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Great Valley Town Board approves Happy Half road route

By Kellen M. Quigley

Managing Editor

 The course for the Happy Half at Holiday Valley that runs through a large portion of the town of Great Valley has been approved by the town board.

At its regular March 11 meeting, co-organizer Doug Bush informed the town board of the plans for the Happy Half.

Bush said the half-marathon would go out of Holiday Valley, down Route 219 into Great Valley, go around Depot Street, Grave Avenue and Mutton Hollow Road before heading down Klawitter Road and then back up Route 219 to Holiday Valley.

“What I’m looking for is for your approval to do that again on May 11,” Bush said. “The real important point for the course is we want to run it out on Klawitter and we have traffic control with the Sheriff’s Department, and they control traffic at the intersections.”

Bush said in year’s past, they’ve limited traffic on Klawitter Road to locals only to secure the safety of the runners.

“There’s a letter that we give to all the residents informing them what times, what they can expect and our contact information if they do have any questions,” he said.

Town Supervisor Daniel Brown said the board’s approval of the half-marathon is contingent upon proof of insurance from the state Department of Transportation.

Bush said the DOT is planning to do some milling work on Route 219 sometime this year, but no specific dates had been given, so he’s not sure if it would affect the race.

IN OTHER BUSINESS, the board was updated on the ongoing process to have a sewer study done in the hamlet of Kill Buck.

Catherine Reese, water specialist from RCAP Solutions, said she has assisted with the town’s application for a grant to do a study on the current and potential future sewer system in Kill Buck.

“It may mean a wastewater collection system, it could mean some sort of cluster system where they’re doing onsite treatment,” she said. “That’s one of the alternatives the engineer will evaluate.”

The town was successful in getting the $50,000 grant in December and requested proposals to hire an engineer to do the study.

Now, the town is waiting for residents in Kill Buck to submit the income surveys mailed to all the homes in the area where the study would be done, Rees said. Completed income surveys would help in determining if the town is eligible for grants for the project, which would keep costs down and not put the burden on the residents.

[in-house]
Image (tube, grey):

“They do require a high percentage of return,” she said. If it’s more than 100, it’s an 80 percent return. If it’s a 100 or less, it’s a 90 percent return.”

Brown said the he talked with some residents in Kill Buck about the survey and some of them told him they didn’t want to hook up to the city of Salamanca’s sewer system. He said part of the hamlet being located on the Seneca Nation of Indians territory is also a point of hesitancy.

“If they a question like will they be made to hook up to the city line, we don’t know that yet. That’s part of the study, to figure out the best way to take care of this,” he said.

Rees said the income survey isn’t about whether or not the residents are for or against the project, but to see how much funding the project could get if the town decides to do one.

“The sooner they can get started (with the study), the better,” she said. “Part of the study is to evaluate the capacity at the Salamanca sewage treatment plant, and they need to do that during high flow periods, which happen during the spring thaw and rainy season.”

ALSO OF NOTE, the town is preparing to do memorial engraving on the stone at the Great Valley Memorial Park at the intersection of Route 219 and Route 98.

Brown said the weather didn’t cooperate last fall, so the company that does that is planning to do it as soon as the good weather arrives.

“If somebody wants to put a loved one’s name on the wall, they need to get ahold of us,” he said. “There are forms in the hallway here they can fill out.”

Brown said the town needs to have a significant list of names to make the cost of engraving worth it.

“We’ve lost a few town residents that their families may want to put their names on too, so we need to get them in here and get their names sooner rather than later,” he added.

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